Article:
I have been playing with ERGObaby’s new hybrid stretchy wrap over the last few weeks, taken it to sling meets, my sling library drop ins, a few training courses (my own Born to Carry Peer Supporter course and a Slingababy consultants update course), so it has had quite a work out!
ERGObaby needs no introduction as one of the leading brands of soft structured carrier, which is widely available in high street stores, and this company has long promoted safe, hip-healthy carrying of babies facing inwards on the front, on the hip or on the back.
So it is no surprise to find that their stretchy wrap is excellent. It is a hybrid wrap, in the same vein as the well-known and well-loved Je Porte Mon Bebe and the Wrapsody stretchies – combining the benefits of stretchy wraps with woven wraps.
Typical stretchy wraps are elastic, with varying degrees of bounce-back, and once a child is heavy enough to stretch the elastic fibres to their full extent, this bounce back is lost and baby begins to feel heavy. This is often the point at which parents begin to look for their next carrier, one that feels more supportive. Those parents and babies who have loved the snuggly, all-over cuddly feel of their stretchy wrap will often move onto a woven wrap, others to a soft structured carrier.
This is the stage at which hybrid stretchy wraps come into their own. They have the elasticity that allows pre-tying where required, but are also strong and sturdy like woven wraps, so will be supportive for much longer than a standard stretchy. They need to be tightened differently than standard wovens, but can be extremely comfortable due to their enormous mouldability (a feature that is highly prized in woven wraps). It is rare to get shoulder digging with a stretchy (or hybrid) because of this, as the fabric can be stretched out for easy spreading and wide smooth distribution across the child’s body and across the wearer’s back and shoulders.
The Ergo wrap is wide – almost as wide as the better known JPMBB hybrid (grey and blue pocket), and wider than the Hana Baby (royal blue) and the Moby (dark blue on the end). This means that it does feels bulky with small babies, compared to the thinner Moby wraps, the Boba wrap and the Hana Baby wrap, for example. It is comparable to all of them in length.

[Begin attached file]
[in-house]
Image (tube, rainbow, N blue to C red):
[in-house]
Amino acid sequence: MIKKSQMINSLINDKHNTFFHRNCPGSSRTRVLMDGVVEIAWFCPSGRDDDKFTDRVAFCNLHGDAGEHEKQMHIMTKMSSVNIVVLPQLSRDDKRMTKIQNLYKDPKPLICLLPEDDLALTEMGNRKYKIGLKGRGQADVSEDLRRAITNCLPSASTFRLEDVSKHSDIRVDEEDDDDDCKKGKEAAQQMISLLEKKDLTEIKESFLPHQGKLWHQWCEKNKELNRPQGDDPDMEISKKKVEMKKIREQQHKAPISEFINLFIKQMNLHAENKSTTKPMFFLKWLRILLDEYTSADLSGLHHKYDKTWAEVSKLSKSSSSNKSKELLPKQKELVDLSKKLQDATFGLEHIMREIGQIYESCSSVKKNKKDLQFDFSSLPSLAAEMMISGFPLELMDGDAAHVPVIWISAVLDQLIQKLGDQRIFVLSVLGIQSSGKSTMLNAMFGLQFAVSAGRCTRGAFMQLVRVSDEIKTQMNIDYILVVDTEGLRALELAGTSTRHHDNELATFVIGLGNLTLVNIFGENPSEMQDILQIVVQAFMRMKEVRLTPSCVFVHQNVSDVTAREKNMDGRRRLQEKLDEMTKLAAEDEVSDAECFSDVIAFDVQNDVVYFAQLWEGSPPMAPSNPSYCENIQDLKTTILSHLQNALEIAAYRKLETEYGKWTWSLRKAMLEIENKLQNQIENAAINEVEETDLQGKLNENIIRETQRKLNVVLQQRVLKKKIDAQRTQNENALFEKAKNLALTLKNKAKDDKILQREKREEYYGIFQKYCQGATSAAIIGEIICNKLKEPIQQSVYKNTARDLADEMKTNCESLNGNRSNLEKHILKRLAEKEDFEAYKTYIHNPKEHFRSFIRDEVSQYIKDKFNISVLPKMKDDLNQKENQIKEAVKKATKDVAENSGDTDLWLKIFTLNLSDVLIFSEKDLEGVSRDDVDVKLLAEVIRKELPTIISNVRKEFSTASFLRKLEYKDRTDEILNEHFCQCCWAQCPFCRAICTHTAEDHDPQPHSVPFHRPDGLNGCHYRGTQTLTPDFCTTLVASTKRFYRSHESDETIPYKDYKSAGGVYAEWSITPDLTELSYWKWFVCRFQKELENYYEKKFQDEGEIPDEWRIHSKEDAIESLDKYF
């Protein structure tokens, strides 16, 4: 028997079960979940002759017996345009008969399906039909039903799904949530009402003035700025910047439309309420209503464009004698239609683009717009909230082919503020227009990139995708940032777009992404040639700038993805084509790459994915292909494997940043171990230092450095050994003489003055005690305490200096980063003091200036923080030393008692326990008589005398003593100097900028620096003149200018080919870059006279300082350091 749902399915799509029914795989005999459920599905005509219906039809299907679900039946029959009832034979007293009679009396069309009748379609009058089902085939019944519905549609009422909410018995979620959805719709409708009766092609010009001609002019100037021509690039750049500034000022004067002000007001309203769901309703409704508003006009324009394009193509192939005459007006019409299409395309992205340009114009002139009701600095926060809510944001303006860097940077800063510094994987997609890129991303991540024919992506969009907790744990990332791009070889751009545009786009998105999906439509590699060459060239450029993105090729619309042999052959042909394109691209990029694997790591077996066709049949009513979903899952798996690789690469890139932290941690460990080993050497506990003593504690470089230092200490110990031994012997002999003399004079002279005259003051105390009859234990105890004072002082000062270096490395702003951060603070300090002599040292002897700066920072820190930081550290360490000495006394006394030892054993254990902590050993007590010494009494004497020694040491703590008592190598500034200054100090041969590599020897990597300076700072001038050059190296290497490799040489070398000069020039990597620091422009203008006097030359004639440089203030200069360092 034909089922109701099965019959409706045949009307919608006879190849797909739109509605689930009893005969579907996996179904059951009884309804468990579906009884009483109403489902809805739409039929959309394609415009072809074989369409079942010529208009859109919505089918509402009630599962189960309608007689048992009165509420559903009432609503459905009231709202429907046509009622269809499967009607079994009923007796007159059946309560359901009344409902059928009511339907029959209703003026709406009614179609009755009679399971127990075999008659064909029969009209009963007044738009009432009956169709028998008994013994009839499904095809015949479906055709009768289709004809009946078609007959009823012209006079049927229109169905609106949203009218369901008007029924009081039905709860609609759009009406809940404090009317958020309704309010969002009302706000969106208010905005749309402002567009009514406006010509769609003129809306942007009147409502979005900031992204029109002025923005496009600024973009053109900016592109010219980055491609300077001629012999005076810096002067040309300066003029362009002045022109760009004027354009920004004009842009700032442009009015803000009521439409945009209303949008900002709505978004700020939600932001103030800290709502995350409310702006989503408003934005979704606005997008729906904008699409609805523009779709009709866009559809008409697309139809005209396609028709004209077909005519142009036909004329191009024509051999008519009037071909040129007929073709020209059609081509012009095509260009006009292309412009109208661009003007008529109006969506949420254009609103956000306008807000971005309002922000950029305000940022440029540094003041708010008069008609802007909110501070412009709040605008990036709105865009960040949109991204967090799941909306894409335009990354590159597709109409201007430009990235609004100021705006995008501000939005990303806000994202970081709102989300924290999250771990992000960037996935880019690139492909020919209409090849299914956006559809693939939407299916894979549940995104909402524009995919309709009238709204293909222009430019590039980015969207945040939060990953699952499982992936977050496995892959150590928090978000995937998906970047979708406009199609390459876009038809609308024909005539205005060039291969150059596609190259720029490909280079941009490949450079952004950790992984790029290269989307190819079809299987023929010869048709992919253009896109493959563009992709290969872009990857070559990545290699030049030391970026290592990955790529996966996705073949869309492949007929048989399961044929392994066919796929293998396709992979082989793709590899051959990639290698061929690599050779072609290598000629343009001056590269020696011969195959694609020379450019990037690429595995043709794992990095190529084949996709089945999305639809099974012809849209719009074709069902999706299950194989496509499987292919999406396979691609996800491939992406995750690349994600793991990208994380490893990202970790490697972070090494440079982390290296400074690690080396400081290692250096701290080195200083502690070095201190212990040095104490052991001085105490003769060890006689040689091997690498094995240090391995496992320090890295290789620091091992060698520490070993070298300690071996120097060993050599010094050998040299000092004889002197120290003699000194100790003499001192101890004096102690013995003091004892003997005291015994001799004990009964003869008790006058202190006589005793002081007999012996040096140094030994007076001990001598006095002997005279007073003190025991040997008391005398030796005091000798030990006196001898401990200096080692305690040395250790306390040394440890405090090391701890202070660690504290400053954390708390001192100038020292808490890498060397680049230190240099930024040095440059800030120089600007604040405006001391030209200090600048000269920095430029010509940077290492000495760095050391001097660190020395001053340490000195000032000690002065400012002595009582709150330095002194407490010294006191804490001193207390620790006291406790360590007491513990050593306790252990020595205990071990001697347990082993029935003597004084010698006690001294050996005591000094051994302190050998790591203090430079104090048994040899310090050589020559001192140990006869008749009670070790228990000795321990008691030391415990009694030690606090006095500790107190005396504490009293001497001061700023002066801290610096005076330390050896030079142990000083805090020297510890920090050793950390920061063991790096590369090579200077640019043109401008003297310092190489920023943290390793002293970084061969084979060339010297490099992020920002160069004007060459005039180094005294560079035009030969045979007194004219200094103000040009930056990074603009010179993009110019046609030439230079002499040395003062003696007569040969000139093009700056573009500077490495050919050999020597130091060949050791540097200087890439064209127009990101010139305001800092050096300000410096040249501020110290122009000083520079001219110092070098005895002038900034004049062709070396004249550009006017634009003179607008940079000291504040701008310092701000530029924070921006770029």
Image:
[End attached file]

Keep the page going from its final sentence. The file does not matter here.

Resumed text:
Ergo talks about its 4D stretch, which I take to mean that it stretches horizontally, as well as widthways, ie a “two way stretchy” – akin to the JPMBB, Boba and Hana, for example, as compared to the one-way stretchies (usually only stretch widthways, like the Moby, the ByKay, for example). The two way stretchies are more manoeuvrable when putting baby in (their stretch allows the wrap to be pulled out and moved around a baby who is in the ideal position, and then spring back, rather than baby’s limbs having to be moved into the correct places), but if they are too stretchy they can lack support for the heavier child (over six months).
The Ergo wrap is very supportive, as it is dense, with not a huge amount of stretch. It has a reasonable amount of elasticity – so it does bounce back well, but is never overstretched. It is very comfortable due to its mouldability and supportiveness. It isn’t as thick as the JPMBB but is fairly hard to work with; more so than the lighterweight stretchies like the Hana Baby wrap. It has less bounce, which many people may prefer, if it makes their babies feel more secure. It not as soft and snuggly as some, which may be a consideration for very small babies.
The Ergo wrap is superb with babies beyond six months of age, and toddlers. There is no sagging or slipping downwards if the carrier is put on properly (with all the slack removed at the start, just as for all stretchy wraps) and even my big 3 year old was very well supported all the way round. This is where the width comes in useful – supporting from the kneepit to the neck, and my back was very happy too as there was a lot of weight distribution across the whole of my upper body. Maggie and I really enjoyed the snuggly cuddles.
I think this is a great option for parents who love stretchy wraps and want to be able to use one beyond the typical six months that people use their stretchies for, especially for front carrying cuddles. Many children value being in front carries for some time for sleeping, or being close to their caregiver or when they are unwell – not everyone wants to move into back carrying with buckles very early. This Ergowrap will be a welcome addition to a good library collection, especially for bigger babies. I don’t think (as they say on their website) that there will be any need to move up to a structured buckle carrier at 6 months if you have one of these wraps, which has been safety tested up to 14kg (my little girl is 12 kg).
Their video instructions are excellent (http://store.ergobaby.com/wraps#instructional-videos) and the pregnancy tie may be of great help to some mums. As with anything, such belly wrapping is best used in moderation!
It retails for about £60.